Photo by Paula Nixon
On a Saturday morning in early July Dave and I drove north out of Silver City on Highway 15. I turned off my cellphone and unfolded a large US Forest Service (USFS) topographic map. We rolled down the windows and savored the slow pace—it would take almost two hours to drive the winding 45 miles to the Gila Cliff Dwellings.
Although it was my first trip to the Gila National Forest my map was worn, marked with a highlighter—past locations of Mexican gray wolves, gleaned from telemetry reports.
Ours was a short trip, just a day, with a couple of hours for hiking. I had no thought of seeing or hearing any sign of the small population of wolves that run in the Gila. That would take a longer visit: getting further out into the wilderness, camping for a night or two, being still.
It was enough to enjoy a summer day in the forest: the scent of pines with a hint of rain in the air, the almost-forgotten sound of quiet, three mule deer drinking at a stream, and delicate white prickly poppies fluttering in the breeze by the side of the road.
We stopped at the visitor center where I asked a National Park Service (NPS) volunteer about wolf sightings in the area but the answer was no, none recently.
Another mile and the road ran out at the base of the Gila Cliff Dwellings. As we parked and got ready to hike up to the caves I thought about the Coronado Pack.
Coronado Pack being transferred by mule into the Gila Wilderness
Photo Courtesy of the U.S Fish and Wildlife Service
Almost exactly two years before my visit the family of six Mexican wolves, an alpha pair and their four pups, had been released deep in the wilderness, about 20 miles east of here, at a place called McKenna Park. The adult wolves had traveled long circuitous routes to get to this point and this would be their last, best chance to live in the wild. The most recent leg of their journey had started at Sevilleta National Wildlife Refuge, a pre-release site for Mexican wolves, 200 miles northeast. Transported by truck they had stopped for the night somewhere near where I was now standing. The next morning the wolves were loaded on the backs of mules in preparation to travel the last few miles of their trip.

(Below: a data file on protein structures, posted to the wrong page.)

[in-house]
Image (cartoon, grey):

We hiked up to the caves stopping to talk with NPS volunteers who filled us in on the Mogollon people who had called these caves home for a short time in the late 13th century. We studied the stone walls and fire rings and listened to theories about where the Mogollon had come from and why they left. I imagined them returning to this safe place at the end of each day, gathering around a fire as the sun set. I wondered if they had heard the howls of the Coronado Pack’s ancestors.
Back in the parking lot after our hike we watched a NPS employee holler and toss small stones at a squirrel intent on running up a steep, rocky hill with a Styrofoam cup in his mouth. He finally heeded her demands and paused for a moment, dropped his treasure, and scampered out of sight leaving the piece of trash stranded and inaccessible. As we drove away an enterprising hiker was attempting to scramble up the rock face to retrieve it.
The Gila Wilderness seems huge at over half a million acres, but seeing caves that had been inhabited more than 700 years ago was a reminder that life here had, for a very long time, been a balancing act between the needs and desires of humans and those of the creatures with whom they shared the forest.
The Coronado Pack did not survive. Even in this vast wilderness they ran into conflicts with people and their domesticated animals. The alpha female was found dead* within six months of their release and the rest of her pack scattered.
*According to the Mexican Wolf Recovery Program: Progress Report #17 the alpha female of the Coronado Pack, AF1126, “was located on mortality” on December 22, 2014. To date I have not been able to get any further details about her death.